Slice of Life Challenge day 10 #sol18

Sometimes movies get us thinking…

There is a saying in the basketball world: “How you play is who you are.”  This adage has been uttered in musical circles, as well.

While putting together some lunch on yet another snow day this week, the song “Say Goodbye to Hollywood” by Billy Joel began to play in my house.  As a longtime fan, I have always loved this song.  But the other night, I watched an incredibly powerful music documentary released last year entitled, “Hired Gun.”  This film, by way of interviews, old footage, and music, tells the story of the behind-the-scenes, unknown heroes of many of our favorite songs over the past several decades.


Being a musician, I know the music industry can be shady. But to hear the stories of such greats as Liberty DeVitto, Billy Joel’s drummer for 30 years, broke my heart.  By means of news stories and interviews with two members from Billy Joel’s old band (Liberty DeVitto and Russell Javors, ever heard of them? Me neither.), the movie chronicles the untold story of Billy Joel’s success; and how Billy, after many years touring and recording with his band, decided to suddenly fire his guitarist Javors and his bassist, Doug Stegmeyer for no reason, no warning, and no explanation.  Eventually, DeVitto was fired too- after 30 years of loyal contribution.  The devastation caused by these firings, incidentally, is believed to have been a key factor in Stegmeyer’s tragic suicide in 1995.

Other stories were exposed in the movie, too.  Stories of songs and stars and unsung musical monsters (for those of you unfamiliar, ‘monster’ is a good thing in music).  When the movie ended, I closed my laptop and reflected. I thought about these super famous songs, by Billy Joel and others, that feature the playing of these incredible musicians, these “hired guns.”  And yet, none of us know who any of them are.

Here’s a quick screenshot of the “Say Goodbye to Hollywood” credits from Wikipedia:


Where are the back line guys?  Sadly, this information that is shared with listeners and fans is typical.  It strikes me as odd that  “Format: 7″” takes a place in the credits here, and yet there is no listing of the people (besides Billy Joel) who brought this music to life for generations of listeners.  That takes some searching.

I know as educators, we sometimes feel like the hired guns must have felt and still feel.  Behind the scenes, we work everyday to make a difference.  To help our students be great.  To help them believe in themselves and succeed.  Just like those amazing guitarists, bassists, drummers, and keyboardists worked to make those stars who they became.

I think about that phrase: “How you play is who you are.”  Not sure it applies in every sense of those words.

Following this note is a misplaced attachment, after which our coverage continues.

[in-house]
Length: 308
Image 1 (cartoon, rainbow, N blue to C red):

Slice of Life Challenge day 9 #sol18

Playing with parallel structure and playful frustration today in a poem about snow days…


(above) view from bedroom into backyard, 7:04 a.m.

March Snow

First snow day
Greeted with guilty exuberance
What's one day?
Hot cocoa inside
Family time extended
    books, toys, baking

Fourth snow day
Met with mild resignation
What's another day, right?
Cocoa and coffee inside
Let's try to get out there today
    snow angels, failed snowmen, cold noses

Seventh snow day
Received with palpable consternation
Really? Another day?
Too much coffee inside
Stir crazy children, over-caffeinated adults
    youtube, complaining, lamenting of summer lost

Tenth snow day
Make it stop.

-Lanny Ball



Slice of Life Challenge day 8 #sol18

Missing the chaos . . .

Placing the car in park, I shut off the engine.  Almost by muscle memory, I performed my routine: grab empty coffee cup from the cupholder between the two front seats; disconnect iPhone from the stereo system; open car door and grab computer bag; sling bag over shoulder; close car door.  Always the same. Always the same.

But I knew today would be different.

I made my way across the driveway as the March sun silently filtered between large maple trees. And as I pushed open my front door, I was greeted by something uniquely unfamiliar- eerie silence.

No Hi Papa! bursting from the tiny vocal cords of a two-year old.

No voices chattering about how to improve the blanket fort.

No Mama, I need a snack! No arguments about saving room for dinner.

No confrontations about setting the table.

No debates about the merits of bathing or brushing teeth.

No desperate searches for favorite water bottles, stuffed animals, special blankets.

No figuring out how to read Boxcar Children to two older children and Goodnight, Gorilla to another.

No requests for bandaids or drinks of water right after the lights are turned out.

No chaos.

None of that.

Just peace, quiet. Choice and sanity.

But I miss the chaos.

And I can’t wait until it returns.


Note to readers:  My family flew to see relatives Tuesday.  I will be joining them this coming weekend.


Slice of Life Challenge day 7 #sol18

Chinese numerology . . .

Chinese Numerology

That table? I thought, feeling a smile cross my face.  As we’d entered the restaurant, my family and I had been greeted by a server who had ushered us to the back.  There, a long table, covered in simple white cloth, elegantly sat, set for our arrival. White napkins folded.  Water glasses already poured.  A reservation. A handful of times we have dined at “The Village,” but never have we been seated at this table; for this, the big table, hosted the larger parties of, say, twelve.  This was the Event Table.  And tonight we were The Event.

Moving around to the back of the beautiful Event Table, I watched as my wife helped my daughters select their seats.  Behind us, our good friend and her son excitedly shuffled in out of the cold and joined us.  Two more friends joined behind them.

“Happy Birthday!” one friend chirped, handing me a bottle-shaped gift adorned in sparkly foil wrap.  I thanked her, so kind.  “You know,” she began, “in Chinese numerology, the number four is bad luck.”  A little confused, I mentally scrambled to catch up.  I knew this line of conversation was going somewhere, but hadn’t yet grasped where.  “In fact, people who are strong believers in Chinese numerology will not even consider purchasing a house if the number four is in the address.  Not even if the house address is, say 13… because three plus one equals four.  The number four is just bad luck.  It’s bad.”  Nodding, I leaned in.  She was serious, and  I really wanted to get this.  But I still wasn’t there.